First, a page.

4. Interviews to rediscover the beauty of ideas
This is the podcast of the Architecture Foundation in London. It's called Scaffold and is produced by Matthew Blunderfield. The format? Each 40-60 minute episode focuses on an interview with architects, artists, industrial designers, poets or landscape architects...all emerging and established voices, taking a closer look at our contemporaneity and expanding the field of architecture beyond architecture itself. Matthew explains that in such a fluid world where we are all more inclined to quickly scroll through things it's important to find the time to listen to another person's voice. In fact, long interviews offer him and his listeners the chance to slow down and immerse themselves in other people's ideas.
5. The invisible aspects of architecture and design
"Ninety-nine percent of who you are is invisible and untouchable": this quote from Buckminster Fuller is the starting point for one of the most interesting podcasts available on the subject of architecture, so much so that it has been called "the best podcast you're not listening to but should be". We're talking about 99% Invisible, started as a collaborative project between the San Francisco public radio station KALW and the American Institute of Architects in San Francisco. Presented by Roman Mars, from 2010 to today with 397 episodes lasting about 30 minutes each, this podcast delves into all the hidden or "invisible" aspects of architecture, design and art. In short, it highlights how things work – especially small things – that we neglect in our daily lives but that help us to live better. Each episode focuses on a topic and often includes interviews with architects and experts influenced by urban, industrial and graphic design.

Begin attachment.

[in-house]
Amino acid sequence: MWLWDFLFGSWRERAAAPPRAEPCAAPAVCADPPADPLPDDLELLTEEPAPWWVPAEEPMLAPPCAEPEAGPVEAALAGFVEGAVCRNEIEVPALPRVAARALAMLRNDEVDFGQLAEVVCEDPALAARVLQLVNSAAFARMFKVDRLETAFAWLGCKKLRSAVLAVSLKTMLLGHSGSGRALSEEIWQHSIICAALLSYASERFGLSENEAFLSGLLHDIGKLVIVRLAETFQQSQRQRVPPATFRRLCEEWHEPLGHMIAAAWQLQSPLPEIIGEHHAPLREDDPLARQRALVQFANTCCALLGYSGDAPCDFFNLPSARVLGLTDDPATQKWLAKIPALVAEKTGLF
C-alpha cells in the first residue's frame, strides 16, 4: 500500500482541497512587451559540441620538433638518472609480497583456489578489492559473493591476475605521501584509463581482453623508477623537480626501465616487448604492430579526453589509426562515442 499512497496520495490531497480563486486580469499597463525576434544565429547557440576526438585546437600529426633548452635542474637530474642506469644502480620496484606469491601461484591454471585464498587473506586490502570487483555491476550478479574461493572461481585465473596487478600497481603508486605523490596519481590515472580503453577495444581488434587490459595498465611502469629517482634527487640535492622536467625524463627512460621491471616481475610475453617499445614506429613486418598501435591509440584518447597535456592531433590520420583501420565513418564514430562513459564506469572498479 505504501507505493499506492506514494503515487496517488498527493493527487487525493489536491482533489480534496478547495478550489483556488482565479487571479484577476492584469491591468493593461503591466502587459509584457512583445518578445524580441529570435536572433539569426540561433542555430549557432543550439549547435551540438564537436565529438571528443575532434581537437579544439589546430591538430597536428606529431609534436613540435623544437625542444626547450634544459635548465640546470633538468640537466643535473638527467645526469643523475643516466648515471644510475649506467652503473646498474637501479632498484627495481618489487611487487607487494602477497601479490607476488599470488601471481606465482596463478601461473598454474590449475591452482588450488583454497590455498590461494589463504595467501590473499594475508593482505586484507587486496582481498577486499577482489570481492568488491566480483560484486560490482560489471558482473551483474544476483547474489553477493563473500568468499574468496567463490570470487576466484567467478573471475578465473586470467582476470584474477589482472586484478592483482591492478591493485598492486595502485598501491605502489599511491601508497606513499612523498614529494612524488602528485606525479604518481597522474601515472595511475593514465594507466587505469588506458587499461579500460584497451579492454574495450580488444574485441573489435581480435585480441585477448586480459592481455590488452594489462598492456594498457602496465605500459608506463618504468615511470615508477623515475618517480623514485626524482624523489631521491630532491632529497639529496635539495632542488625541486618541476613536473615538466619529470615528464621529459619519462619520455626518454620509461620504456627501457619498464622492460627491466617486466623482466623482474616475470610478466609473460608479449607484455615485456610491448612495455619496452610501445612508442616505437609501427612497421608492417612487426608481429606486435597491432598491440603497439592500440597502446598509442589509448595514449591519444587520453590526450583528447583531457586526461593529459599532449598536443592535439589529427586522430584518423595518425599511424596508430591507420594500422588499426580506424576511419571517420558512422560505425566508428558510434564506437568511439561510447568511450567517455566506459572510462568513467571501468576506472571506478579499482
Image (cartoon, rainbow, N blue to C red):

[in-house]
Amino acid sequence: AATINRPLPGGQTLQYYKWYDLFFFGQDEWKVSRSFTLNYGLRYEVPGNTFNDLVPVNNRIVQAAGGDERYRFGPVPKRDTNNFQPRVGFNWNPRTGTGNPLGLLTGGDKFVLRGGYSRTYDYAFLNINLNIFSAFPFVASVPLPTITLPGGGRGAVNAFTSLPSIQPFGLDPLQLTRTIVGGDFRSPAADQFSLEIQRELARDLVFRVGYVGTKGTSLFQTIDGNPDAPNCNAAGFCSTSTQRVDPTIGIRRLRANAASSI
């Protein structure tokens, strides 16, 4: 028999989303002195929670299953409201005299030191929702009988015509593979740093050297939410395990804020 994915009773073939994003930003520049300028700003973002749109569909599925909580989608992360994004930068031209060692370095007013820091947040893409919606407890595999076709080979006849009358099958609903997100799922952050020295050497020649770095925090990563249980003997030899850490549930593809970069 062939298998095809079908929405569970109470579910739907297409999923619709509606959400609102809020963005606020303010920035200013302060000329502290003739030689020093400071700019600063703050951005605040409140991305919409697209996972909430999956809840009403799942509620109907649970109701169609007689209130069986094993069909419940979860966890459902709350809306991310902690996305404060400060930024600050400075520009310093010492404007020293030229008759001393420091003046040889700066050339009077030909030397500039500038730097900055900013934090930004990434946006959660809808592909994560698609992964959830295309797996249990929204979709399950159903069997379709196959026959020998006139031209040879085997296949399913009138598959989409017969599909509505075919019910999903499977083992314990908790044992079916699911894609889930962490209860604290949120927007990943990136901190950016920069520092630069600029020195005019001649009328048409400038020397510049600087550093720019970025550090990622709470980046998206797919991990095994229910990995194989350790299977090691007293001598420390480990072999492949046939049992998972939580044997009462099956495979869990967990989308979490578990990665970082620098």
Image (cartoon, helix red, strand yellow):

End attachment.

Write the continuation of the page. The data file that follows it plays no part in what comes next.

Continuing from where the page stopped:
One of the watchwords of 2020 will be "podcasting", demonstrating how technology is an important tool to produce successful content that can increasingly engage the public, eliminate physical distance and open new horizons of design and imagination.